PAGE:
By Aung Hla Tun
YANGON (Reuters) - Myanmar's junta lashed out at offers of foreign aid on Thursday, criticising donors' demands for access to the Irrawaddy delta and saying Cyclone Nargis' 2.4 million victims could "stand by themselves".
"The people from Irrawaddy can survive on self-reliance without chocolate bars donated by foreign countries," the Kyemon newspaper said in a Burmese-language editorial.
As with all media, it is tightly controlled by the army and is thought to reflect the thinking of the top generals, who until now have shown signs of growing, albeit grudging, acceptance of outside cyclone assistance.
The editorial also accused the international community of being stingy, noting that the United Nations' $201 million (102 millions pound) "flash appeal" was still a long way from being full nearly four weeks after the disaster, which left 134,000 dead or missing.
The level of aid stands in stark contrast to the 2004 Indian Ocean tsunami, when outside governments promised $2 billion within a week of the disaster.
"Myanmar needs about $11 billion. The pledging amounted to over $150 million, less than the $201 million mentioned by U.N. Secretary-General Ban Ki-moon as emergency aid," it said, adding a thinly veiled swipe at arch-enemy the United States.
"There is one big nation that even extended economic sanctions on Myanmar although it had already been known that Myanmar was in for a very powerful storm," it said.
The tone of the editorial is at odds with recent praise of the U.N. relief effort, but follows criticism of the junta's extension on Tuesday of the five-year house arrest of opposition leader Aung San Suu Kyi.
U.S. President George W. Bush said he was "deeply troubled" by the extension and called for the more than 1,000 political prisoners to be freed.
The State Department said it would not affect U.S. cyclone aid, but a top U.S. commander said warships laden with aid would leave waters near the delta if they did not get a green light soon.
France, which diverted a naval vessel to the Thai island of Phuket where it would offload aid supplies, demanded the immediate release of Suu Kyi, who has now spent nearly 13 of the last 18 years in prison or under house arrest.
"France calls on the Burmese authorities to free without delay Ms Aung San Suu Kyi, the leaders of the opposition and political prisoners, notably those who have been arrested in recent days," the Foreign Ministry said.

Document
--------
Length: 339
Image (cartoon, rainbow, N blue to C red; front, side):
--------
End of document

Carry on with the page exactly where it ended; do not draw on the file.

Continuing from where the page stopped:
Suu Kyi's National League for Democracy (NLD) won a 1990 poll by a landslide only to be denied power by the military, which has ruled the impoverished country for 46 years.
The situation remains dire for many survivors in the delta, the "rice bowl of Asia" in the days before what was then Burma won independence from Britain in 1948.
The army has started to bury bodies in communal graves, villagers said, although there has been no official word on plans to dispose of the thousands of bodies that still litter the fields and waterways.
Bodies are grotesquely bloated or rotting to the bone and covered in swarms of flies. The stench of death remains strong.
"The soldiers told everyone to shoo, to go away," one woman said at a communal burial site in Khaw Mhu, 40 km (25 miles) southwest of Yangon, where soldiers covered bodies in "white powder" and then concreted over them.
In Dedaye, also in the delta, a boatman said there were around 40 or 50 dead bodies in one waterway.
"We did the burial ourselves. If I know the dead person, I'll bury his body. If he knows the other dead person, he'll bury it."
FEWER THAN HALF GET HELP
Three weeks after the cyclone's 120 mph (190 kph) winds and sea surge devastated the delta, the U.N. says it is slowly being given more access, with all its staff with pending visas requests being granted permission to enter the country.
However, getting aid and access to the delta remains a very different proposition. The latest assessment from the U.N.'s disaster response arm suggests fewer than half of victims have had any help from "local, national or international actors".
Witnesses say many villages have received no food, clean water or shelter, and farmers are struggling against huge odds to plant a new crop to avoid long-term food shortages.
"We have only until June to plant the main rice crop," one farmer called Huje said in the village of Paw Kahyan Lay, 40 km (25 miles) southwest of Yangon.
"Our fields are flooded with salt-water and we have no water buffalo to plough with," the 47-year-old said, standing with his daughter in the ruins of their home.
(Writing by Ed Cropley; Editing by Darren Schuettler)